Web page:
My favorite thing to do when I find something like this is go home and research the artist online. Unfortunately, I found nothing on this artist. But I still love the piece and it’s found a home in my entryway right next to my favorite mirror.

Isn’t it funny how art affects us emotionally? Every time I look at that owl and that old torn up wood…I feel happy and free…like a little girl catching frogs and running around barefoot in rural Oklahoma. But I also feel a little anxious about tornadoes.  Hahaha, such is life.

Several months ago I looked around and realized a few things that Ieft me pretty discouraged.

  • I have a ton of workout clothes…but I wear them as pajamas because I don’t actually workout consistently.

  • I own several gardening books…but I don’t garden.

  • I own several cookbooks that represent many different ideas on healthy eating…but really I just eat the same old things I’ve always eaten.

  • I have a lot of books on home decor and home improvement…but no real dedication to any of the projects on my list.

  • And last…and this is the one that’s changed…I have tons of resources on missions and teaching kids about missions..but had never been on a mission trip.

simply in season

When I made these observations my initial thought was, “I live a totally fake life in my own head. The kind of life where I workout, eat healthy homegrown food, have a lovely home and serve people in the name of Jesus worldwide.”

Doesn’t that life sound great? It does to me!

That’s why I’ve decided that I’ve got to make some changes. I don’t want to live a fake life. Don’t get me wrong…I have a great life…but I know that there are things I want that I’m just too lazy to go get.

Going on the missions trip taught me a few things. (More on that later.) One of the things I learned is that the extra effort you put into something that seems difficult is worth it.

So this is me…putting in a little more effort and praying that a little turns into a lot more effort.  No more lazy bones! No more fake life.

Loving God and loving missions have always gone hand in hand in my heart. When I became a Christian 14 years ago I didn’t know that it would mean falling in love with the whole world…but it did and I’m glad.

So, I’ve spent the last 14 years supporting missionaries prayerfully and financially. I’ve read about missionaries (Gladys Aylward is one of my favorites.), served on the church mission board and spent a few years teaching kids about God’s work all over the world.

And now…God has given me the opportunity to go to Ghana, Africa on a short term mission trip. Here’s a photo my husband shared on facebook with the caption, “My wife is going to Ghana!”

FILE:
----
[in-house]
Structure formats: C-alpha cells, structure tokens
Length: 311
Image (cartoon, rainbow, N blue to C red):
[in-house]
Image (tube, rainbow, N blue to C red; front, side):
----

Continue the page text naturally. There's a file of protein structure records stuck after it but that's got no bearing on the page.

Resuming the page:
my wife is going to Ghana
This was such a long shot. I had less than 8 weeks to raise the money needed, get my passport, get my shots and get my visa, but God has provided every step of the way.

For example, I found out about the trip January 11 and was required to raise the first $1500 needed by January 31st. So of course I started fundraising right away. I was worried because 2 days before the deadline I woke up still needing to raise over a thousand dollars! The next morning I woke up needing $650 and the morning of the deadline I still needed $461. But the money kept pouring in little bits at a time. While I slept the night of the 31st God met that first goal.

I could tell you several more stories along the same lines. God has been so faithful in every detail.

Psalm 37:4 says
Delight yourself in the LORD and He will give you the desires of your heart.

That verse tells my story. God puts the desires in our hearts and then He is generous enough to grant them! Like my friend Alicia said to me, “Your heart has always been in missions, now your body gets to go too!” Thank you God!

According to Eric Liddell,  “We are all missionaries wherever we go, we either bring people nearer to Christ or we repel them from Christ.”

I am praying that I will be a blessing and bring God glory wherever I am and wherever I go. And I am praising Him and doing a happy dance in appreciation of His generosity.

I’m going to Ghana!

I wake this morning with melancholy in my heart. My youngest is sick so we canceled dinner plans that I’d been looking forward to. I’m way behind on my homework and my house could use a good cleaning. My dad is not well and I don’t know how to help him. And I’m secretly terrified of the mission trip to Ghana, Africa that  I’m going on in 4 weeks.